Monica (2023) Film Review B

Italian-born director Andrea Pallaoro’s “Monica” follows in the footsteps of his previous offerings “Medeas” and “Hannah” in its smooth, hypnotic style.

We first encounter our titular heroin (Trace Lysette), appropriately enough, in Santa Monica, where, returning to her car from a spa treatment, she has to endure a suggestive come-on from a stranger – “Hot Girl, Hot Car.” We realize that Monica, a trans woman, has had to take this type of attention from the moment she decided to make the transition. We also sense from the pathetic and denigrating phone calls she makes to an unseen boyfriend and from her work as a masseuse, which bores her – there may or may not be sex involved – that life in LA is going nowhere fast. So, when she gets a surprise call from her sister-in-law Laura (Emily Browning in a lovely, understated performance) to return home to the Midwest because her mom is dying, we feel that this could be Monica’s salvation. Not so fast!


It transpires that ten years previously, Monica’s mother Eugenia (Patricia Clarkson) did the unforgivable when she took her effeminate teenage boy and dropped him off at a bus bound for LA, saying she could no longer live with him. Dying now from a brain tumor, Eugenia seems to have no memory of this event, and whether she remembers “Monica” at all is never revealed. However, there is SOMETHING between the two women, and Monica, pretending to be help from the local hospice, gradually becomes closer to her mother. After she is stood up on an online date and then has anonymous sex with a passing truck driver, Monica returns home and cradles her mother in bed, the camera all the while being focused on Clarkson’s expressive eyes. Out of many beautiful scenes in this almost wordless movie, it’s lovely. There is also an excellent performance by Joshua Close, who plays Paul, Monica’s brother and Laura’s husband. Paul is grappling with a failing marriage, and the last time he saw Monica, she was his sweet, sensitive younger brother.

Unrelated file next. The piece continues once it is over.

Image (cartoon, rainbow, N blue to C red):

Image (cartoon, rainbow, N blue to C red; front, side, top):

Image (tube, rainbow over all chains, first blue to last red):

Pallaora is blessed with two actresses who can convey oceans of emotion with their closeups, and Lysette, a real-life trans actress in almost every scene, is lovely. There is a collateral, if somewhat obvious, storyline suggesting that Monica’s sensitive nephew may be on the same path as his aunt, only now with Monica’s support and the support of his family. Some things do get better with time.

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